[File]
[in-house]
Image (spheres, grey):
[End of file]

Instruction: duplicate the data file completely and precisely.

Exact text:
[in-house]
Image (spheres, grey):